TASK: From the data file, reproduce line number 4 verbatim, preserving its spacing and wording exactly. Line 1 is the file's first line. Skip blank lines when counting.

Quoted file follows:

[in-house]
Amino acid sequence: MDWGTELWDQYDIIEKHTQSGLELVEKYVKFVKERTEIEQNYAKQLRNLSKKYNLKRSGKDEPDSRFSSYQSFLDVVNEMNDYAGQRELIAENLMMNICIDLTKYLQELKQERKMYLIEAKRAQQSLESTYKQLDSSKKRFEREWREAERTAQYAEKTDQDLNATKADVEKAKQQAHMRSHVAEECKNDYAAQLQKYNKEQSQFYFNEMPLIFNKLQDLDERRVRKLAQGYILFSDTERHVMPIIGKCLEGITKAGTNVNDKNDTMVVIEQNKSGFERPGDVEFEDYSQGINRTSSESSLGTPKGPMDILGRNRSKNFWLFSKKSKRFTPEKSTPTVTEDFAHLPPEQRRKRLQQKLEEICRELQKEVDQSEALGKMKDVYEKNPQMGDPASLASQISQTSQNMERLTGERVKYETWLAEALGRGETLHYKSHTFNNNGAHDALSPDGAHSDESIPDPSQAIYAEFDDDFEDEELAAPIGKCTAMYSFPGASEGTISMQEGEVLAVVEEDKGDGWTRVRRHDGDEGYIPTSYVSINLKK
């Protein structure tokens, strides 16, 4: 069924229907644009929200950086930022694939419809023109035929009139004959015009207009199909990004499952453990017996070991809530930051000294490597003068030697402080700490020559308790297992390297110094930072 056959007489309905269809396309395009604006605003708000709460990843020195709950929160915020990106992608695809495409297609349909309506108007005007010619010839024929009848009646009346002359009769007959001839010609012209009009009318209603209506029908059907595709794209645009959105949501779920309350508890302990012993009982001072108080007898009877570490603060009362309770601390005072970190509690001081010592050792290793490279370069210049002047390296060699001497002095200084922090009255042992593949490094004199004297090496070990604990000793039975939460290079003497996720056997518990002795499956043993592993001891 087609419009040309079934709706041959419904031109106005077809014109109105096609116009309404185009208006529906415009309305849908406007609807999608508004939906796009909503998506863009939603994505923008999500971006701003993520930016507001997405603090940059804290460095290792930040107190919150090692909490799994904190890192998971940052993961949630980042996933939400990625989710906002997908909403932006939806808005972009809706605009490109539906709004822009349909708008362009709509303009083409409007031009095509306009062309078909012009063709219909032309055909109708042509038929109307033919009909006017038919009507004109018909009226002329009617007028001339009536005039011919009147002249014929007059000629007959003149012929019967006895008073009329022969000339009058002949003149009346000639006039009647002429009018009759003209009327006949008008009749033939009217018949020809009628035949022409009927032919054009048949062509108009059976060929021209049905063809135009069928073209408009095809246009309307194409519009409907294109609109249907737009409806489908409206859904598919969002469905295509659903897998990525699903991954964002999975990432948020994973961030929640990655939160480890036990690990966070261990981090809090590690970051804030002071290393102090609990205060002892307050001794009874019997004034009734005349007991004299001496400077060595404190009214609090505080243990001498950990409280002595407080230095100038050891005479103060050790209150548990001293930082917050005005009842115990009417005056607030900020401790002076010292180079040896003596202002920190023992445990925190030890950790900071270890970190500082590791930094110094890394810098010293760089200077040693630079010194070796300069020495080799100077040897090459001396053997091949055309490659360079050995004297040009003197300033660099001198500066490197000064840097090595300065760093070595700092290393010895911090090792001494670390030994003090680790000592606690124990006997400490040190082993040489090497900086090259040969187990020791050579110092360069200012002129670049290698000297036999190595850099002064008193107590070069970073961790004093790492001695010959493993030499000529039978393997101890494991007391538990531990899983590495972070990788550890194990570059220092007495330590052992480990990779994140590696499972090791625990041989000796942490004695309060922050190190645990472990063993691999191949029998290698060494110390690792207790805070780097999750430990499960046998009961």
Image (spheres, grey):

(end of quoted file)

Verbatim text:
Image (spheres, grey):